An anemic travelogue from a Slate contributor.
To counteract their ennui, Stevenson and his girlfriend decided to travel the globe without the use of air travel. The conceit begins auspiciously but descends quickly into superficiality. Early on, a thick Atlantic fog enshrouds the cargo freighter on which he’s billeted, leaving the author literally sense-deprived. This is boredom made manifest, but Stevenson deftly sketches a redolent scene of wet fog falling against his face and waves slapping the ship’s hull. One evocative sentence, well-timed and piercing, accomplishes what the book as a whole fails to—awakening an almost physical sense of wonder amid monotony. The majority of the narrative reads like a glorified blog, characterized by thin characterizations, superficial observations and glib conclusions. Stevenson is an undisciplined tour guide, prone to snarky parenthetical jabs and unwilling to treat those he meets as fully formed individuals. English-speaking foreigners speak in a belittling dialect when the author bothers to record their dialogue—he eschews interviews for impressions—and even his girlfriend is underdeveloped. The author recounts a journey through a cartoon—bright, noisy and flat, with one flat image continually replaced by the next one. Washington, D.C., to Philadelphia to Antwerp to Tallinn to Fushiki to Beijing to Hanoi to Bangkok to Singapore to Brisbane to Los Angeles—small wonder that at the book’s conclusion, Stevenson is back where he began, in an apartment lease, back at the same bars and restaurants, stupefied by routine and comfort. He never really left.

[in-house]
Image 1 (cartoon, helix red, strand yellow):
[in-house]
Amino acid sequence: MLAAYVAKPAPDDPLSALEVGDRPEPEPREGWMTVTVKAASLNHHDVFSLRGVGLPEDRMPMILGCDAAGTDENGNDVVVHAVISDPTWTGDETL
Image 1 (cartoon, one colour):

A limitless world squeezed through a limited scope. Disappointing.